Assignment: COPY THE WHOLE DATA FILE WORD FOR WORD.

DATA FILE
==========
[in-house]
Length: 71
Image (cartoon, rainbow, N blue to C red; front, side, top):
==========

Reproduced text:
[in-house]
Length: 71
Image (cartoon, rainbow, N blue to C red; front, side, top):